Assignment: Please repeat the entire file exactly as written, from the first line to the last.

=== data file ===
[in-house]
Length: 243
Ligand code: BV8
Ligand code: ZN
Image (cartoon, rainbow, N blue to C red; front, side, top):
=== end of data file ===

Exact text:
[in-house]
Length: 243
Ligand code: BV8
Ligand code: ZN
Image (cartoon, rainbow, N blue to C red; front, side, top):